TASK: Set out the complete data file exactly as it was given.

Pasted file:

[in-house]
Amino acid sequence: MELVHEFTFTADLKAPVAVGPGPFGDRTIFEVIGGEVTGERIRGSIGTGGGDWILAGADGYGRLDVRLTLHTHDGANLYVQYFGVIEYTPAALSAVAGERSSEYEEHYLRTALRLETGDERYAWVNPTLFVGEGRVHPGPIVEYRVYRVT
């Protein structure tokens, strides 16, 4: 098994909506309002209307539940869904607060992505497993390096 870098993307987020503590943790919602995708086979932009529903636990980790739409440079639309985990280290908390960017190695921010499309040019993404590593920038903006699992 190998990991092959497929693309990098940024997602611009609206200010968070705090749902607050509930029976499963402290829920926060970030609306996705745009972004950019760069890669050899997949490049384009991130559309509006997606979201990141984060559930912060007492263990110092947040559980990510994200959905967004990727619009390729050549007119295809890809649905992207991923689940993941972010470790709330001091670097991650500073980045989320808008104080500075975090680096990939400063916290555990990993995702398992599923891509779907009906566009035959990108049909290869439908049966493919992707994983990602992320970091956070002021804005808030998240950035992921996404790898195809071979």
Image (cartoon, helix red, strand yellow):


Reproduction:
[in-house]
Amino acid sequence: MELVHEFTFTADLKAPVAVGPGPFGDRTIFEVIGGEVTGERIRGSIGTGGGDWILAGADGYGRLDVRLTLHTHDGANLYVQYFGVIEYTPAALSAVAGERSSEYEEHYLRTALRLETGDERYAWVNPTLFVGEGRVHPGPIVEYRVYRVT
């Protein structure tokens, strides 16, 4: 098994909506309002209307539940869904607060992505497993390096 870098993307987020503590943790919602995708086979932009529903636990980790739409440079639309985990280290908390960017190695921010499309040019993404590593920038903006699992 190998990991092959497929693309990098940024997602611009609206200010968070705090749902607050509930029976499963402290829920926060970030609306996705745009972004950019760069890669050899997949490049384009991130559309509006997606979201990141984060559930912060007492263990110092947040559980990510994200959905967004990727619009390729050549007119295809890809649905992207991923689940993941972010470790709330001091670097991650500073980045989320808008104080500075975090680096990939400063916290555990990993995702398992599923891509779907009906566009035959990108049909290869439908049966493919992707994983990602992320970091956070002021804005808030998240950035992921996404790898195809071979």
Image (cartoon, helix red, strand yellow):